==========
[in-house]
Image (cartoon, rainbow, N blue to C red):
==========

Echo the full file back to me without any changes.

[in-house]
Image (cartoon, rainbow, N blue to C red):